'Now, what is wrong with her?' moaned an experienced nurse.

The doctor entered the room as Philippa stopped; she turned to face the man. He walked towards her.

'What is it, dear? There is nothing to be afraid of.'

He knelt on one knee, feeling he had more control over his younger patients if he was eye to eye. His arms were gently resting on her shoulders.

In an instant, her nails clawed his face. His glasses saved his eyes.

The doctor and the nurse hastily shut the door. Settling back in his office, he padded blood on his cheeks; it was time to decide. 'I must talk to her mother,' he mumbled.

He cleaned his glasses for the third time in twenty minutes. In his thirty years of experience dealing with disturbed young children, Dr Changwat had never encountered anyone like Philippa.

He telephoned the girl's mother. He would judge how to proceed after meeting Camilla.

Camilla would win no prizes as the mother of the year, but she cared about her girl. However, there were things she cared about more—her good looks, her money and her "wife", to name three.

She had carried the baby for the entire term; it was a normal birth. Camilla had thought and researched about a cesarean, being worried about ugly stretch marks. The paediatrician had recommended a C-section; he earns more that way. But, as usual, Camilla went against advice. Hence, a natural birth. All went perfectly, and no stretch marks. In fact, for seven months, she didn't even show. For the last six weeks, she was proud to be pregnant. She even rubbed and spoke to her bump. That all changed just three days before the due date. She had nightmares; Camilla became scared of the unborn child.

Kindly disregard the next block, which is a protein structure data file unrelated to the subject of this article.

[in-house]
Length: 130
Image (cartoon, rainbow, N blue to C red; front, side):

Camilla had never been afraid of anything or anyone. But, recently, she had set fire to a Thai gang member who had gotten too close to her. Her mind drifted to the evening while filling her pride and joy motorbike with petrol. The mob leader made his wishes clear by stroking himself exaggeratedly. Camilla smirked as he approached. Nobody laughed at him. He lunged forward, the petrol hose flicked gas at him, and his half-smoked cigarette ignited the juice. She motored off with a full tank. Her memories tumbled over each other. She had drowned a German, who had tried to r*p* her in a hotel's bath. So, why did she feel so uncomfortably unsettled? How could an unborn baby have this effect?

They both shook off recent thoughts, back to the present.

Camilla was studying the scratches on the man's face as she rose to leave. Eventually, on reaching the door, the silence was broken.

'I am sorry for what Philippa did. Is that the only reason you asked to see me?'

'It surprised me, I admit. I should have been more careful. But, no, that was not why I needed to meet with you.'

He reeled off a list of very personal questions. He had been holding off on asking.

She collected her bag from the coat rack.

'Excuse me, doctor; I thought you were supposed to be examining my daughter? But, then, why all the questions about me?'

'It's perfectly normal. I need to find out as much as possible about her life. That's all. Please don't get all defensive with me.'

Camilla started to re-enter the room. His glasses were pushed to the bridge of his nose.